Prasat Kravan--page 1 (of two pages)

early 10th century (consecrated 921); restored in 1960s



Sources vary in noting which Kymer king sponsored the building of these aligned five brick sanctuaries; one says Harshavarman I (Freeman and Jacques), another Isanavarman II (Laur). The modern name means Cardamom Sanctuary, after a tree that once stood at this site. The structure is dedicated to Vishnu. Although the complex is small, the exterior brick masonry is beautiful and the interior brick reliefs are unique in Kymer art. (See page 2.)

View of the back side (west)

Today only the central and south towers still have their superstructure. The receding tiers are an effective device to give a greater illusion of height--the false perspective makes them seem taller.
 

Striking brick work

The sanctuaries are only open to the east but false doors or empty niches and shallow pilasters with elaborate plinths provide shadows and variety in the planar surfaces. Courses of narrow brick are joined, not with mortar, but with a vegetable compound.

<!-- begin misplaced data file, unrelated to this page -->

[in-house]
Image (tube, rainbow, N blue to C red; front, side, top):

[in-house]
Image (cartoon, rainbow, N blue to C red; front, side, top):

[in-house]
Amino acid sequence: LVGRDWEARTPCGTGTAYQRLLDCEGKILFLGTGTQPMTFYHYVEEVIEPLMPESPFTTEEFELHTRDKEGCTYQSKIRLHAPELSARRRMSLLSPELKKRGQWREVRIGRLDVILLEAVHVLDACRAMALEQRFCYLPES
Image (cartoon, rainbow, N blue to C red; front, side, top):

East side--front

The five sanctuaries are in a north-south row, facing east. All are on the same platform. Five stairways opposite each tower lead to the entrances.
 

View of eastern side;
guardian lions

 

Central tower; flanking door--guardian dvarapalas in niches

The lintels and colonettes surrounding the portals are sculpted in sandstone. The guardian figures are more than 2 metres tall. The right-hand side figure represents the "good" principle.
 

A platform for performances? / foundation of gopura?



Go to page 2 for details and interiors.

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© 2004 Mary Ann Sullivan. I have photographed (on site), scanned, and manipulated all the images on these pages. Please feel free to use them for personal or educational purposes. (I would appreciate being told if you find them useful.) They are not available for commercial purposes without my explicit permission.

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